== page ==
Saturday across central NC...

Most likely scenario:
While models are still varying with the exact track of the system, how much moisture we will have in place, and
how cold temperatures will be, we have a most likely scenario in place that highlights the areas between the I-85 and I-95 corridors as the place where the highest snowfall totals may occur.
At this point looks like friday night into saturday is the most likely timing with accumulations of 2-4 inches with locally higher amounts possible.
Snow is still probable in the NW Piedmont and the southern tier but the confidence is not as high in these areas for reasons I will explain below. For now would put 1-3 inches across both of
these areas as the most likely scenario.
If you want to enjoy winter come and visit, plenty of time left. Here is a little example of what you get.

Public Information Statement
Issued: 11:53 AM CST Jan. 4, 2017 – National Weather Service

... Wind chill reports...

Location temp time/date
Bagley MN -50 f 0845 am 01/04
Badger MN (dot) -47 f 0605 am 01/04
Leeds ND (dot) -47 f 0223 am 01/04
Devils Lake dot Hwy 20 -46 f 0208 am 01/04
Langdon ND (apt) -43 f 0455 am 01/04
Devils Lake ND (apt) -43 f 0356 am 01/04
Cooperstown ND (apt) -43 f 0455 am 01/04
Gatzke MN 2 ENE -42 f 0730 am 01/04
Brooks MN (dot) -41 f 0820 am 01/04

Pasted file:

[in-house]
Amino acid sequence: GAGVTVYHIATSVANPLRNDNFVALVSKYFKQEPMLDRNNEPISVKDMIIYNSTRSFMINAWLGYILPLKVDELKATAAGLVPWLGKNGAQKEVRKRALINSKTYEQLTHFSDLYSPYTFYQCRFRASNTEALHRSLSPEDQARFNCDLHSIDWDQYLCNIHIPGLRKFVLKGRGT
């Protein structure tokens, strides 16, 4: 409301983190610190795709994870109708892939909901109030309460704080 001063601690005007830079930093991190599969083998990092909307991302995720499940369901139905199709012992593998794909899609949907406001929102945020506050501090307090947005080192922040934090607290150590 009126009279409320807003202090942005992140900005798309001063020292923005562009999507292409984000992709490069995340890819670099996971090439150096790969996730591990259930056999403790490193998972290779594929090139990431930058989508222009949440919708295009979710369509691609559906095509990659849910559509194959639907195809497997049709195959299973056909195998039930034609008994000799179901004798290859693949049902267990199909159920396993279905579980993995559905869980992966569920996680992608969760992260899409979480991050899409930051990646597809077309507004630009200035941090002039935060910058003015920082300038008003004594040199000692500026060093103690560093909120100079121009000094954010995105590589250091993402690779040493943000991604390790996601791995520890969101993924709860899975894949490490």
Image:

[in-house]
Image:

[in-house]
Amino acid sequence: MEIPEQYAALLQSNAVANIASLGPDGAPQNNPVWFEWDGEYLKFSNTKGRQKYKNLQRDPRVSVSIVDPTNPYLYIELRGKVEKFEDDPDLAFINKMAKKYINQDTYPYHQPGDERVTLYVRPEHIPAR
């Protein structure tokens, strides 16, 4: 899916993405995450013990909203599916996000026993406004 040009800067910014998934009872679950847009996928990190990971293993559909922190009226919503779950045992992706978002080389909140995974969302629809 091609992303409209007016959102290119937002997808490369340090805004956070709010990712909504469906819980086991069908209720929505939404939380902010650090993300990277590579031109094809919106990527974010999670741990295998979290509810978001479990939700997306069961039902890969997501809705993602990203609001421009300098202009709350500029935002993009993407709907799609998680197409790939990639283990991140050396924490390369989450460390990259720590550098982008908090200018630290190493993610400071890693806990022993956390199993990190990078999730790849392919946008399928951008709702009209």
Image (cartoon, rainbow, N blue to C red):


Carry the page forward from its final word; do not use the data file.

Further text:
Roseau MN (apt) -41 f 0934 am 01/04
Warroad MN (apt) -41 f 0914 am 01/04
Flag Island MN -40 f 1034 am 01/04
Donaldson MN (dot) -40 f 0505 am 01/04
Mahnomen MN (dot) -40 f 0730 am 01/04
Bowesmont ND (dot) -40 f 0638 am 01/04
Red Lake MN (hs) -40 f 0815 am 01/04
Roseau MN (dnr) -40 f 0808 am 01/04
Staples MN (apt) -40 f 0832 am 01/04
Ponsford MN 10 N -39 f 0803 am 01/04
Bemidji MN (apt) -39 f 0353 am 01/04
Fergus Falls MN (apt) -39 f 0354 am 01/04
(snip)
The Antarctic Report:
‏@AntarcticReport

Celebrating great 2016 photos of #Antarctica (16) Spa pool midwinter’s day, Davis Station; air temp: −34°C, pic Darren White @AusAntarctic

The current conditions are -8f with a windchill near -30/-35f, there are some high clouds but the sun shining through which this time of year is more of a distraction than source of warmth.

The ice on the lake I fish is about 18 to 20 inches thick. I had to plow the road to the fish house this morning as the snow had drifted it all in. Picked up a couple of Walleye for eating and a nice Northern Pike for pickling. I may go out later and spend the night to see how they are biting in the overnight hours, for large walleyes this can be the best time.
43. bwi
Quoting 33. RitaandIke:



It's not mine (yet). But it could be at a moment's notice...

I gave my old frankenstein cruiser single-speed snow bike to my brother, who promptly traded it to my dad for a commuter bike with gears. I sort of want it back now though...

Heavy coastal flooding on the way at the German coast of the Baltic Sea, the highest at least in the last decade. I listened to the explanations of a German metereologist who said that the threat is due to a combination of what I think is called a seiche, triggered by storm Alex, high tide and the force of (edit) unfavorably shifting winds. Summit of high tide is in the next 2 1/4 hours (= midnight in Germany).

Here a site with the current readings of the gauges (click the dots): Link
Looks like waters are already getting higher than projected:


Current readings (saved) from Greifswald.

One of the German live reports with pics from the worsening flooding.